A Swimming Club for all ages and all disabilities – was formed in 1949, when wheelchair users and other disabled people were all too often sitting around and being entertained rather than participating. However, we believed they had potential and could be involved in personal achievement and therefore, a fuller life.
Swimming seemed to be the answer : you do not need wheelchairs, crutches and sticks in water! The buoyancy of the water provides an ideal classroom and playground.
Our first 12 swimmers were from the Halliwick School for Disabled Girls, hence the name of the club – and “penguins” indicates that any lack of mobility on land is more than compensated for in the water.
We spent our first year working on a concept of teaching that would apply equally to all disabled and non-disabled people. This - the HALLIWICK CONCEPT is now known and used world-wide. We have taken it to Australia, South America, Iceland, to many countries in Europe and as far as Japan and Brazil. Those countries are supported by the International Halliwick Association (IHA) which has also been set up. We have also inaugurated a national body in the UK – the Hallliwick Association of Swimming Therapy (Halliwick AST) – with its regional associations, called Halliwick ASTRAs. To date, there are more than 100 affiliated clubs within the UK.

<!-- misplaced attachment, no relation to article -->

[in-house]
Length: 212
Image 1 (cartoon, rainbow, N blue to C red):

This, the first club, HALLIWICK PENGUINS SWIMMING CLUB, is still flourishing, with a membership of over 100 including swimmers, instructors and helpers in all capacities.
Phyl McMillan MBE, co-founder of the club (top) and
Eva Salisch with Phyl and former club members Vera Wallbanks and Jose Cordell (bottom)